prior to the student starting the program. The program director may consult with a program
committee to determine eligibility of transfer courses. Additional restrictions regarding transfer
courses may be identified by individual graduate programs.

Procedure to Request Transfer Credit:

Incoming students interested in transferring credit must submit transcripts and course descriptions
to the program director prior to registration for their first semester courses.

A currently enrolled graduate student who wishes to take graduate credits at another institution for
transfer to Loras College must have the prior written approval of the director of his/her program.
Requests for acceptance of transfer credit must be made in writing to the Loras College Registrar
Office, Box 1, 1450 Alta Vista Street, Dubuque, Iowa 52001; or emailed to registrar@loras.edu.
Requests should include the course title(s), and the course description(s) of the requested transfer
credits, as well as a syllabus (if available).

Only transfer credits which have been approved are posted to the Loras College graduate transcript.

*Decisions concerning the transfer of credit are made by the program director of the graduate
program with potential consultation with a program committee. Individual graduate programs may
have more stringent requirements for transfer credits than the institutional-level requirements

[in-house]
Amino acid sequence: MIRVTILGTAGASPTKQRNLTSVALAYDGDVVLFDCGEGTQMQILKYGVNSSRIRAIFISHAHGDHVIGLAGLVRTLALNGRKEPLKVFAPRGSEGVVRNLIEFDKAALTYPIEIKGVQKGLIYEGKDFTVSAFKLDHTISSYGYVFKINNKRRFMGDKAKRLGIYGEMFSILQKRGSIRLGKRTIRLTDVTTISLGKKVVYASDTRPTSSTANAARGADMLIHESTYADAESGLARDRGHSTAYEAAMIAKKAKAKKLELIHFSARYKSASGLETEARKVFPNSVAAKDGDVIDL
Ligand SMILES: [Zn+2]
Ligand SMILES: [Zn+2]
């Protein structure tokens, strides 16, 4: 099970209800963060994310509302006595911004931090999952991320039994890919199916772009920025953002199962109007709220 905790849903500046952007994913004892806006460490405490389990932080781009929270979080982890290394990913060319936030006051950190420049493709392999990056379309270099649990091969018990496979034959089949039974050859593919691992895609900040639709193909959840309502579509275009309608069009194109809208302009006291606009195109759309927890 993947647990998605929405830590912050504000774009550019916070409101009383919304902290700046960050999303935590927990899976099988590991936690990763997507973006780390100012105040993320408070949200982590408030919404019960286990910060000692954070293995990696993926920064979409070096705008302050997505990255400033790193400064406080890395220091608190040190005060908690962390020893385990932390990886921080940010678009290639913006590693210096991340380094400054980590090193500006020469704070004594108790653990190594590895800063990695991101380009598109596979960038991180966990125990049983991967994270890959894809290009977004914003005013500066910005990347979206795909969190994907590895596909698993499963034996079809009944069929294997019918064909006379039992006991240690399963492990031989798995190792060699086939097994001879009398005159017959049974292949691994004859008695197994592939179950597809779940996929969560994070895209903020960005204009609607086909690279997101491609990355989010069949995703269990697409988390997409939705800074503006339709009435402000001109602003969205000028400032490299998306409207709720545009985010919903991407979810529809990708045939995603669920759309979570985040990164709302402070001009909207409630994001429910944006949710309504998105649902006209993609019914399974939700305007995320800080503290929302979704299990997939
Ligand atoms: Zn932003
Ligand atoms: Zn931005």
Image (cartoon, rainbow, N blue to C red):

specified in this policy.

GRADES
Graduate courses are graded as follows (including + and -):
    A - Superior:      Above average for graduate students.
    B - Good:          Average for graduate students.
    C - Passing:       Below average for graduate students.
    I - Incomplete:    A temporary mark indicating that the student has been doing passing work,
                       but must meet certain requirements before the grade can be determined. The
                       incomplete grade will be a failing (F) grade if the work is not completed within
                       six (6) months of the close of the semester or summer session unless the Registrar
                       approves an extension.
    F - Failure:       No credit earned. A student earning an F grade may not repeat the course for
                       which the F grade was received without the approval of the Graduate
                       Program Director.
    P - Pass:          A mark used to show satisfactory performance in some practica.

                                                   15
W - Withdraw:       A non-punitive grade which will be entered on the permanent record if a